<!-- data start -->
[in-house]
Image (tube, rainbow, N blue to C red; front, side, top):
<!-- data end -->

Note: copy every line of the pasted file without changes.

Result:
[in-house]
Image (tube, rainbow, N blue to C red; front, side, top):